0:56:190:56:23

more reaching the expected grade,

but for many, the gap is still too

0:56:230:56:27

big. Jane McCubbin, BBC News.

0:56:270:56:32

Thank

0:56:320:56:32

Thank you very much. It is lovely to

have you here. Thank you. We will

0:56:320:56:38

discuss that later on in the

programme. If you want to make a

0:56:380:56:42

comment on that, you can, find us on

our e-mail all the usual social

0:56:420:56:46

media sites.

0:56:461:00:08

Have a lovely day if you are heading

out. I am back in 20 minutes. There

1:00:081:00:13

is more on our website.

1:00:131:00:16

Hello, this is Breakfast,

with Louise Minchin and Dan Walker.

1:00:161:00:19

A former Russian double agent

is in critical condition

1:00:191:00:22

after he was exposed to an unknown

substance in Salisbury.

1:00:221:00:24

66-year-old Sergei Skripal

and a woman in her 30s were found

1:00:241:00:27

unconscious on a bench on Sunday.

1:00:271:00:28

Last night, police closed

a restaurant in the city

1:00:281:00:31

as a precaution.

1:00:311:00:39

Good morning, it is Tuesday 6 March.

1:00:471:00:52

Also this morning:

Counting the calories.

1:00:521:00:53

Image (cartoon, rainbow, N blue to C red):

Health officials in England call

for portion sizes to be cut,

1:00:531:00:56

as they say the public

need to go on a diet.

1:00:561:01:04

Six-year-old Maisie was one

of the stars of the Oscars,

1:01:051:01:08

but we will find out why deaf

children like her could be falling

1:01:081:01:12

behind at school.

1:01:121:01:16

Thousands of homes across the UK

are still without water

1:01:161:01:19

because of burst pipes caused by

last week's freezing temperatures.

1:01:191:01:22

I will have the latest.

1:01:221:01:28

And in sport: Sir Bradley Wiggins

says he 100% did not cheat,

1:01:281:01:31

following claims by MPs he crossed

an ethical line by using drugs

1:01:311:01:34

to improve performance.

1:01:341:01:37

The widespread effect on the family

is just... It is horrific, and I am

1:01:371:01:44

going to have two... I don't know

how I am going to pick pieces up.

1:01:441:01:49

And Carol has the weather.

1:01:491:01:54

A band of rain, sleet and snow

moving northwards. Eventually that

1:01:541:01:57

will be confined to the hills in the